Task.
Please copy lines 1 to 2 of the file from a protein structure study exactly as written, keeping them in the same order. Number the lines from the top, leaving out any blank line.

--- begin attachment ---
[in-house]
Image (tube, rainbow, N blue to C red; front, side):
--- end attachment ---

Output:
[in-house]
Image (tube, rainbow, N blue to C red; front, side):